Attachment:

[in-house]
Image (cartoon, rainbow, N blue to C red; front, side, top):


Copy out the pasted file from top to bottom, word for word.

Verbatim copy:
[in-house]
Image (cartoon, rainbow, N blue to C red; front, side, top):